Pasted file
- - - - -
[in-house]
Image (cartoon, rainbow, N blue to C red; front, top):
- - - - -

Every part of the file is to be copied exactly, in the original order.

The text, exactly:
[in-house]
Image (cartoon, rainbow, N blue to C red; front, top):